Colorado residents may wind up with "pot bellies" if they keep filling up on marijuana edibles at this pace.
Interested in ?Add as an interest to stay up to date on the latest news, video, and analysis from ABC News.
Ever since recreational marijuana sales began in the state on Jan. 1, many shop owners said they have been unable to keep pot-infused candies, cookies and sodas in stock.
"Edibles have been really huge with the recreational market," Linda Andrews, owner of LoDo Wellness Center in Denver, told ABCNews.com. "They're great if you're not a [marijuana] connoisseur and you want something more palatable," she said. "And they are certainly more discreet."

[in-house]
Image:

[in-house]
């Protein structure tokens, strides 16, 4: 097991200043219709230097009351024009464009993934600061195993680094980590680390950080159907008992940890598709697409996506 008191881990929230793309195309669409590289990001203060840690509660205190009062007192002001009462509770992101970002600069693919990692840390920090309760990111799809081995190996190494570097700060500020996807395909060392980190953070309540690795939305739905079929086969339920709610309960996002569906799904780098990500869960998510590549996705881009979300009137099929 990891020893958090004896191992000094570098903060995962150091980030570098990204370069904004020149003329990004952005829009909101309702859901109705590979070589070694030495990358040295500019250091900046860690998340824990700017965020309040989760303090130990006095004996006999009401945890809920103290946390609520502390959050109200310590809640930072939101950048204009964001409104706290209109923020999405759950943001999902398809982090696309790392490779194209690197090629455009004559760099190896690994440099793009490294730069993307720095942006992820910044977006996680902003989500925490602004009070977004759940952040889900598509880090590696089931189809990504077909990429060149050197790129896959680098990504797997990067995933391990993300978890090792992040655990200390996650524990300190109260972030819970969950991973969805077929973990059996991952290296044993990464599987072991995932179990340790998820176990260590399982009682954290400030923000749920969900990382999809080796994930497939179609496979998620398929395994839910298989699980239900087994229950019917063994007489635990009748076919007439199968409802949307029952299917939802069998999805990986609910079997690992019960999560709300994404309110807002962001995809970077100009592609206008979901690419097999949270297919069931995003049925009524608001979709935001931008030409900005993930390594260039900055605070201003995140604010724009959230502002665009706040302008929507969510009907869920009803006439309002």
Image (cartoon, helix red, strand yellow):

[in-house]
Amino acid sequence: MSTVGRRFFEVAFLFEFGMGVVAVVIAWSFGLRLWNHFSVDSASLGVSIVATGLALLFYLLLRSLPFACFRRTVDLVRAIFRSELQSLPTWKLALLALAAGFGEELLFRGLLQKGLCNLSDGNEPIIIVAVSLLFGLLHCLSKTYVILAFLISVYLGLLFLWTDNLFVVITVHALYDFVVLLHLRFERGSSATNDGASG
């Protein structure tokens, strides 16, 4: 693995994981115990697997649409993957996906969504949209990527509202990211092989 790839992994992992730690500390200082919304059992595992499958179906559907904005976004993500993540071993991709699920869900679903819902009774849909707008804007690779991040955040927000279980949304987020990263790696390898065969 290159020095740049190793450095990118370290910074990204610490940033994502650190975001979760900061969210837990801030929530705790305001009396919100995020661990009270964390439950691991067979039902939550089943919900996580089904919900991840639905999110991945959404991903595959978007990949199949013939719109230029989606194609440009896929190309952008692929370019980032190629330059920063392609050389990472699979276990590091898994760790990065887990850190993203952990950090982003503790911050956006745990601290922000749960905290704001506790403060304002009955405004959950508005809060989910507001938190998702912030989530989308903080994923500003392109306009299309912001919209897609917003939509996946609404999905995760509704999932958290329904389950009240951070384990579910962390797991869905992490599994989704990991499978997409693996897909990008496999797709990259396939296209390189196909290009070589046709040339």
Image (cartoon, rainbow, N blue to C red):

Andrews estimates edible sales are up 300 percent at her store, which previously only served medical marijuana patients.
Among the most popular items are marijuana-infused chocolate bars, which she said are sold in a pack of four for $15 and chewy, chocolaty Dixie Rolls, which sell for $17 a pack.
In order to keep the products on the shelves, Andrews said she has had to impose a two edible purchase limit per customer until manufacturers can catch up with demand.
"We got a new supply in last week and sold out in an hour," she said.
Joe Hodas, chief marketing officer for Dixie Elixirs and Edibles, a top marijuana edibles manufacturer, said the company is building a new 30,000-square-foot manufacturing facility and warehouse to keep up with Coloradoans' insatiable appetites.
"Demand's been huge," Hodas told ABC News' Denver affiliate KMGH-TV. "And our employees have been just killing it working 'round the clock."